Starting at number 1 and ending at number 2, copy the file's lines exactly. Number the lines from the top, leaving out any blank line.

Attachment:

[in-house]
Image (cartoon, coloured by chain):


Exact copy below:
[in-house]
Image (cartoon, coloured by chain):